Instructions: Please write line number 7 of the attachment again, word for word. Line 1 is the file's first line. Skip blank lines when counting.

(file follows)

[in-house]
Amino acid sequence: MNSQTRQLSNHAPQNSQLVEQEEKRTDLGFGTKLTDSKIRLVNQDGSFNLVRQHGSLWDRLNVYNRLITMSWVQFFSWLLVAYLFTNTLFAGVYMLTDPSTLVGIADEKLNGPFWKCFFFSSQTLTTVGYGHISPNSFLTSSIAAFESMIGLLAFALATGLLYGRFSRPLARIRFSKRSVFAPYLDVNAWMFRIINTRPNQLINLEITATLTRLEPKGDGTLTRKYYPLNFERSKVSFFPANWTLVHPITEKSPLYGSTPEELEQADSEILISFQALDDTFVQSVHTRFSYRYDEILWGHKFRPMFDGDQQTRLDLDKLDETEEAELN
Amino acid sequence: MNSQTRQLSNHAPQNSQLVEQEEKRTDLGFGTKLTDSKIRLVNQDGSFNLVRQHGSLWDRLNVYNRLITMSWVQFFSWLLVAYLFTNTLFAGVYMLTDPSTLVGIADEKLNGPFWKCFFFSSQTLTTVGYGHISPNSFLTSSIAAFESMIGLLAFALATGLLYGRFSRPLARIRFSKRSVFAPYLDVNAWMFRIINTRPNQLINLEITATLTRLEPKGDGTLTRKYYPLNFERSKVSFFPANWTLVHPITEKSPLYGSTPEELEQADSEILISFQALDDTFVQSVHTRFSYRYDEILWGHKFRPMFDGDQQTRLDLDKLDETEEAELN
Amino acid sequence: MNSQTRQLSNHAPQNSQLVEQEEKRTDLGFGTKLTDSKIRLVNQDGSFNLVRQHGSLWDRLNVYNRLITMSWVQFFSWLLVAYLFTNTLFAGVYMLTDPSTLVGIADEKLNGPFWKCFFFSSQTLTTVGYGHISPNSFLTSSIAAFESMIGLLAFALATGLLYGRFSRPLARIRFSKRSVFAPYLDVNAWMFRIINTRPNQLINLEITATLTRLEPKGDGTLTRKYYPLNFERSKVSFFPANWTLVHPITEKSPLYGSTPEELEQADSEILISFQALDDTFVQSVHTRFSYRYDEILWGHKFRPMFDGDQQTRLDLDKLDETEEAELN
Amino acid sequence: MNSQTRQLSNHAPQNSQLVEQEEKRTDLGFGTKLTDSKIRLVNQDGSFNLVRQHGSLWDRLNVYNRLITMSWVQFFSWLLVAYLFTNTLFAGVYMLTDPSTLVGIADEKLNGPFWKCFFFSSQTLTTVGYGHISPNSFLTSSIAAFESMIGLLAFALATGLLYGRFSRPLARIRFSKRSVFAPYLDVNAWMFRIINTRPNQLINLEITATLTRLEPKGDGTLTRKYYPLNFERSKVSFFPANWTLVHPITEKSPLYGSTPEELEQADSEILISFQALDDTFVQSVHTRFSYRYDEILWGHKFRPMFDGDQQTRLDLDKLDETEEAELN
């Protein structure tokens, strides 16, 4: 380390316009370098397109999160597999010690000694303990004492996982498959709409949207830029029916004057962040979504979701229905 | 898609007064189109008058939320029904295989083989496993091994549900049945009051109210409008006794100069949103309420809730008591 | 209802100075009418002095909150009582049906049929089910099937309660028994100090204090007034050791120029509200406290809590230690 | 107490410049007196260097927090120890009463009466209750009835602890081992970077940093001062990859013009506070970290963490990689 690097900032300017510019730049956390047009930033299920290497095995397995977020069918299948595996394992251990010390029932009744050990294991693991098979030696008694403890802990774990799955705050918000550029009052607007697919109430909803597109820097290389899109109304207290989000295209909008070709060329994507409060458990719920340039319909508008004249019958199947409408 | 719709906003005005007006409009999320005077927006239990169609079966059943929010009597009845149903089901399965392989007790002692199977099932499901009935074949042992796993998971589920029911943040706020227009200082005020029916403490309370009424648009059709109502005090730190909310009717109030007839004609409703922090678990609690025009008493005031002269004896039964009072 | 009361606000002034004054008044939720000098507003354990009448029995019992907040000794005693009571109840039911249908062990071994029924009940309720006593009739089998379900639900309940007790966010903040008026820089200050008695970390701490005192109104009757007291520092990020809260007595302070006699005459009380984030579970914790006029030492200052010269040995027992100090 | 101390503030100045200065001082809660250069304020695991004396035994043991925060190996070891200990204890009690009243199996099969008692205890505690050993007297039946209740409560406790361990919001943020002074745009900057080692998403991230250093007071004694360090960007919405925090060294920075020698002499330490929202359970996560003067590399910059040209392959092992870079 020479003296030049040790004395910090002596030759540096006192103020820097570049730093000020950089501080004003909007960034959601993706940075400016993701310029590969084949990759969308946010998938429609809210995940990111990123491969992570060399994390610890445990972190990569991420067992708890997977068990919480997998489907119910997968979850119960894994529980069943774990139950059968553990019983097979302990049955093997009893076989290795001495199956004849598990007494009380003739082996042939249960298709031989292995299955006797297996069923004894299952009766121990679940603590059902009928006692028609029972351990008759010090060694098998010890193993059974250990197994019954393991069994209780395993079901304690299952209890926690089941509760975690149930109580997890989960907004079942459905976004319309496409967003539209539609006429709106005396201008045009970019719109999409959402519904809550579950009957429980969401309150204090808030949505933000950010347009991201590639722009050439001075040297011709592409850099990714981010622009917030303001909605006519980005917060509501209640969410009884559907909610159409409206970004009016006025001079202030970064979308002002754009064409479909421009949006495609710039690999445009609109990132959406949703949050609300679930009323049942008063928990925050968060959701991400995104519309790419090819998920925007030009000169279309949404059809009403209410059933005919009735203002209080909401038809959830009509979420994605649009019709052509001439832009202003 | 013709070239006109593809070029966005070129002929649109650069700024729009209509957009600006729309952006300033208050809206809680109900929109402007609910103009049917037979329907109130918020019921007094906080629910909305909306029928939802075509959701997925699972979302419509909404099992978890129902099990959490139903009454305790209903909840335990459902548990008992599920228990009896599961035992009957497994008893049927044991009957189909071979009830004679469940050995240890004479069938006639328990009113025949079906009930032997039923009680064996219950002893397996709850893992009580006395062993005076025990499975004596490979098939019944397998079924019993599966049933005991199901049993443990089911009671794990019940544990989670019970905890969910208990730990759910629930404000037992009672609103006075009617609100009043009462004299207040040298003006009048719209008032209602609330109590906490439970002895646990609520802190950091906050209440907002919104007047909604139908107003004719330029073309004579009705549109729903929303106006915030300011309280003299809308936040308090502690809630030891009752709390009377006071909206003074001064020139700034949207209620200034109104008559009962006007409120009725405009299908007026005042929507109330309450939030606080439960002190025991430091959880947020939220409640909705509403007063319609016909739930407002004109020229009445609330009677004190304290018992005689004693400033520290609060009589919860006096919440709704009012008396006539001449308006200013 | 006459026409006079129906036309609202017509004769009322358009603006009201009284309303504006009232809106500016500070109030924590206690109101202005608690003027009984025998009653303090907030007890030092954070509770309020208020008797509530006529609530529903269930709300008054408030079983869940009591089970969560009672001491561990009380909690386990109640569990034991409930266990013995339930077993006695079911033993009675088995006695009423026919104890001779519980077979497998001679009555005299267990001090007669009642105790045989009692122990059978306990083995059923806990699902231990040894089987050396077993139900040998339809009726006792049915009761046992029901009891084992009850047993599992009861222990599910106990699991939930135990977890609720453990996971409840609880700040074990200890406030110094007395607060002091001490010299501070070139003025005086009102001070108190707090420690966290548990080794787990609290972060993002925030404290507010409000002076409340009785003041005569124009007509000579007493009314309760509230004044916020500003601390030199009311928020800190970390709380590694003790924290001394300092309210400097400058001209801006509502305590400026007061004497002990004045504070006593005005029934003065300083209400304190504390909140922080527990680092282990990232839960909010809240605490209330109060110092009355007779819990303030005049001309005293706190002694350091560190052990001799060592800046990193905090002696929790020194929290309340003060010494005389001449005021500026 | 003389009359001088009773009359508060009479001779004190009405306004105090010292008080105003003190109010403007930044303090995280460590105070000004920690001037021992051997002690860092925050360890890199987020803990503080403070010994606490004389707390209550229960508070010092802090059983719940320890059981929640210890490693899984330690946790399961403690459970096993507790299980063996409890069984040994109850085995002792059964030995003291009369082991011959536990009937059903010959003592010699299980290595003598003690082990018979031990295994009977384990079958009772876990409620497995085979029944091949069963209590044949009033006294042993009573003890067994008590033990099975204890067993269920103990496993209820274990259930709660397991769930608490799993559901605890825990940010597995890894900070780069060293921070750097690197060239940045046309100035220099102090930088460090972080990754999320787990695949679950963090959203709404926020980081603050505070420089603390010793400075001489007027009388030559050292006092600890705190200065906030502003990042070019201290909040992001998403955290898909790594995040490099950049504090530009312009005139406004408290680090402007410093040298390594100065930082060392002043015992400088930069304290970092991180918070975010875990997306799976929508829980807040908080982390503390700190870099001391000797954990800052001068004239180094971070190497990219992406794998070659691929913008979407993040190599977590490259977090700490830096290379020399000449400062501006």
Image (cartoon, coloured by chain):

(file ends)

Image (cartoon, coloured by chain):